Security panel has 'great concern' over NASA plans to test Moon mission software

Security panel has ‘great concern’ over NASA plans to test Moon mission software

Zoom in / Teams at NASA’s Michoud Assembly Facility move the Core Stage to a barge in January that will take it to a test base in Mississippi.


An independent committee evaluating the safety of NASA’s operations has raised serious questions about the space agency’s plan to test flight software for its lunar missions.

During a meeting of the Aerospace Safety Advisory Committee on Thursday, one of its members, former NASA Flight Director Paul Hill, expressed the committee’s concerns after speaking with executives about NASA’s first three missions to Artemis. This includes a test flight of the Space Launch System rocket and the Orion spacecraft for Artemis I, followed by human flights on Artemis II and III missions.

Hill said the security panel was concerned about the lack of end-to-end testing of the software and hardware used during these missions, from launch to landing. Such extensive testing ensures that flight software is compatible with different vehicles and in different environments, including launch turbulence and space maneuvering.

“The panel is very concerned about integrated end-to-end test capability plans, especially for flight software,” Hill said. “There is no possibility of integrated electronics and end-to-end software testing. Instead, multiple and separate labs, emulators and simulations are used to test software subsets.”

The security panel also struggled to understand why, apparently, NASA had not learned its lessons from recent failed test flight of Boeing’s Starliner spacecraft, Hill said. (Boeing is also the main contractor for the main stage of the Space Launch System rocket).

Prior to a test flight of the Starliner crew capsule in December 2019, Boeing did not conduct comprehensive end-to-end tests for the mission to be docked with the International Space Station. Instead of running a software test that lasted about 48 hours from start-up to anchorage at the station, Boeing broke the test into pieces. As a result, the spacecraft almost disappeared twice and did not complete its primary goal of reaching the laboratory in orbit.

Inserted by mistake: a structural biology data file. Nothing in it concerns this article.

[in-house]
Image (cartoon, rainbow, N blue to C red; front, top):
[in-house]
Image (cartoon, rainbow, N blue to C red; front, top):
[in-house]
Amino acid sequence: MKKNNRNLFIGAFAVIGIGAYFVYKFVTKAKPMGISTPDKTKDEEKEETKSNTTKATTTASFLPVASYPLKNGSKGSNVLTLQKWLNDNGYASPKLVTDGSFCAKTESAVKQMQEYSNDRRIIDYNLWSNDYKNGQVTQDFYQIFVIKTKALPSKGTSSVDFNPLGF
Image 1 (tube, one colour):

Hill referred to an exclusive report by the NASA Engineering and Safety Center (NESC), published September 8, which raised similar concerns about the attempt to conduct software tests in many centers and laboratories.

“Their current plan is not obvious to everyone and the procedures take advantage of the lessons learned,” Hill said. “The NESC report points out that as many flying systems as possible should be developed to succeed in order to experience flying in the same way that NASA operations teams train the way you fly and the way you train.”

Responding to these concerns, a NASA spokesman said the agency would, in fact, conduct end-to-end tests – although it acknowledged that it would take place at several facilities.

“NASA is conducting comprehensive end-to-end testing of the software, hardware, avionics and integrated systems required to fly Artemis missions,” said Kathryn Hambleton. “Using the organization’s state-of-the-art software development labs, teams from SLS, Orion and Exploration Ground Systems use real hardware and flight software, as well as emulators – software versions that each team uses to test their code and how it works. integrated system – to support system-level interface tests and integrated dispatch tests to ensure that software and avionics systems work together. “

In the aftermath of the Starliner disaster, he said, NASA chief engineer set up an independent team of critics to evaluate all critical Artemis I flight and ground software activities. to fly in late 2021 or 2022.

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